• An item needs to be coated and look the same as associated product, for example a Vitreous enamelled stove, which needs a matched steel surround.
  • An item originally painted or powder-coated, which requires touching-up with paint or aerosol.
  • It is a totally unique colour or has numerous variances, i.e. JCB yellow.
  • An existing colour has faded over time and now needs matching to the changed shade.

Using Database Colours

Having started in 1981, each year we match many colours for customers, these are recorded and added to our extensive 

database of colours. This has allowed us to help customers with machinery, plant hire equipment, agricultural, classic vehicles and many more. So if you’re looking for L90D for a VW Campervan or Takeuchi Red for a digger there is a good chance we have the formulation in our database.

So how do we match an existing colour?
As with all things in the world today there is a machine that will do the job, this is called a spectrophotometer. It interprets a colour and gives it a numerical code to enable comparison known as ΔE (Delta E). With calibrated software it is able to predict a formulation which is used to produce the desired colour. Once the paint has been mixed, it is inspected by Quality Control to see if it is a match. Final Q.C. will always be the human eye and the only way that a colour can be passed as an acceptable match.

Colour Matching by Eye
This can be seen (pardon the pun) as the best way of matching as it will be the eye which is the final arbitrator of a “good match”. The issue with matching by eye is that it is reliant on the skill and experience of the colour matcher. “Time is money” and if a match can be produced after one or two shots (attempts) then this would be seen as being excellent. For the mere mortals amongst us to get even close after ten attempts would be superb.

In short, the quickest method is to find a colour shade card that can be held to the desired colour and compared. This chosen colour can then made to a predetermined formulation.




Metameric effect
Some colours can change their appearance depending upon the light they are viewed in i.e. sunlight, fluorescent etc. For example, a car wing that has been resprayed after an accident can look pristine in the sunlight but under street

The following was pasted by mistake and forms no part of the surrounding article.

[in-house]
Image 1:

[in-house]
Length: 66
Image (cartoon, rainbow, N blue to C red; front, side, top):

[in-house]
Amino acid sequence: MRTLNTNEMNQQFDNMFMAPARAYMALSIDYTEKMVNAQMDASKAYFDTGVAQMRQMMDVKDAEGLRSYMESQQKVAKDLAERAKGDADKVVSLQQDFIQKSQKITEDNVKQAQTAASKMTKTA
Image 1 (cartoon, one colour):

lighting can be a distinctly different colour, this is called meteorism. To combat this we use an instrument called a light-box. The light box has a range of bulbs that simulate various light conditions. The correct light can then be selected and used to compare a colour match sample with the paint match produced to ensure the colour is being compared in the relevant light conditions.

Tolerance – Why is colour measurement so important?
The classic “British Standard” when it comes to colours is a great example of what we would assume is “the standard”. However, one manufacturers tolerance may be slightly lighter, while another’s may be slightly darker, both will be within “their tolerance levels” of the colour expected. However, whilst the ΔE value might be above 1.00, for certain colour

 shades the difference might not be perceptible to the human eye. With some colours, for example bright Pantone or RAL shades it might not be possible to achieve a ΔE of < 1.00 because the required pigments simply aren’t available. In such cases it might be necessary to increase the tolerance figure based on what is achievable, and/or visually acceptable.

Matching a colour can be very rewarding when it has enabled us to provide our customer with a paint that can bring a drab item back to life. Hopefully this blog has laid out a step by step way to achieve this in the most cost-effective way. If you have an inquiry, our team at Avenue is on hand to take calls or emails, so please don’t hesitate to call us.